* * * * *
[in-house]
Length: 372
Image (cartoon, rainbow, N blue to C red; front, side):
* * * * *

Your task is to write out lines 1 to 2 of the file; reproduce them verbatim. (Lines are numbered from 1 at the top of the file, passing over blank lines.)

[in-house]
Length: 372